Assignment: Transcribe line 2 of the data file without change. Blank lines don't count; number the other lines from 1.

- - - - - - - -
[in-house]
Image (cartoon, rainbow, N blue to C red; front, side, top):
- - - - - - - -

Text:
Image (cartoon, rainbow, N blue to C red; front, side, top):